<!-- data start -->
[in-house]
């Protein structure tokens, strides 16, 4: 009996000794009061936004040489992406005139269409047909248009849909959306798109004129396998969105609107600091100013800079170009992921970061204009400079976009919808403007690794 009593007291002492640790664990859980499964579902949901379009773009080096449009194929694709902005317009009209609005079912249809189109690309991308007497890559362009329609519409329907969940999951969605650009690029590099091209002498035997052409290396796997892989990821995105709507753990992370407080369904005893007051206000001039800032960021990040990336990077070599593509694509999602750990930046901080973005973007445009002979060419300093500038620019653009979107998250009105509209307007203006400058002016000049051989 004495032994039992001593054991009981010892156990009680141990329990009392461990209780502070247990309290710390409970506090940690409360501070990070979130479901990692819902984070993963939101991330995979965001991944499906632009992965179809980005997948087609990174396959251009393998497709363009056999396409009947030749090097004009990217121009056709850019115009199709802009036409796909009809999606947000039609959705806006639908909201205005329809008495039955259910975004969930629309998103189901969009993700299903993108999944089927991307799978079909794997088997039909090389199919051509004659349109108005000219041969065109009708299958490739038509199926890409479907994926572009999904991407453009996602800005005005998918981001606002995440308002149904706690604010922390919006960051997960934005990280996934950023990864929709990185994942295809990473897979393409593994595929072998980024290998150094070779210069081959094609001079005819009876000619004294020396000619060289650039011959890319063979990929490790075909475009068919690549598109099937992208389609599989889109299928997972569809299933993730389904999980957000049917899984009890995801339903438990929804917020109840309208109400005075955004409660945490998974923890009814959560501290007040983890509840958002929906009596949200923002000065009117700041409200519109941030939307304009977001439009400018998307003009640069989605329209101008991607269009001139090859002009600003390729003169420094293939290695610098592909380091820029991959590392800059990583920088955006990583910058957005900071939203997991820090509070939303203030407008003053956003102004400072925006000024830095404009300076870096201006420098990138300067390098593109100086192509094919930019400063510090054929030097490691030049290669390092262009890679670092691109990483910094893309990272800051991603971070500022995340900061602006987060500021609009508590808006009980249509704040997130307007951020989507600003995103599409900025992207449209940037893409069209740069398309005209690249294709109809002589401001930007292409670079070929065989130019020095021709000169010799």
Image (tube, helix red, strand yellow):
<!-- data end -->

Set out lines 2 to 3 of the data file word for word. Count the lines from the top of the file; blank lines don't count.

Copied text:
């Protein structure tokens, strides 16, 4: 009996000794009061936004040489992406005139269409047909248009849909959306798109004129396998969105609107600091100013800079170009992921970061204009400079976009919808403007690794 009593007291002492640790664990859980499964579902949901379009773009080096449009194929694709902005317009009209609005079912249809189109690309991308007497890559362009329609519409329907969940999951969605650009690029590099091209002498035997052409290396796997892989990821995105709507753990992370407080369904005893007051206000001039800032960021990040990336990077070599593509694509999602750990930046901080973005973007445009002979060419300093500038620019653009979107998250009105509209307007203006400058002016000049051989 004495032994039992001593054991009981010892156990009680141990329990009392461990209780502070247990309290710390409970506090940690409360501070990070979130479901990692819902984070993963939101991330995979965001991944499906632009992965179809980005997948087609990174396959251009393998497709363009056999396409009947030749090097004009990217121009056709850019115009199709802009036409796909009809999606947000039609959705806006639908909201205005329809008495039955259910975004969930629309998103189901969009993700299903993108999944089927991307799978079909794997088997039909090389199919051509004659349109108005000219041969065109009708299958490739038509199926890409479907994926572009999904991407453009996602800005005005998918981001606002995440308002149904706690604010922390919006960051997960934005990280996934950023990864929709990185994942295809990473897979393409593994595929072998980024290998150094070779210069081959094609001079005819009876000619004294020396000619060289650039011959890319063979990929490790075909475009068919690549598109099937992208389609599989889109299928997972569809299933993730389904999980957000049917899984009890995801339903438990929804917020109840309208109400005075955004409660945490998974923890009814959560501290007040983890509840958002929906009596949200923002000065009117700041409200519109941030939307304009977001439009400018998307003009640069989605329209101008991607269009001139090859002009600003390729003169420094293939290695610098592909380091820029991959590392800059990583920088955006990583910058957005900071939203997991820090509070939303203030407008003053956003102004400072925006000024830095404009300076870096201006420098990138300067390098593109100086192509094919930019400063510090054929030097490691030049290669390092262009890679670092691109990483910094893309990272800051991603971070500022995340900061602006987060500021609009508590808006009980249509704040997130307007951020989507600003995103599409900025992207449209940037893409069209740069398309005209690249294709109809002589401001930007292409670079070929065989130019020095021709000169010799």
Image (tube, helix red, strand yellow):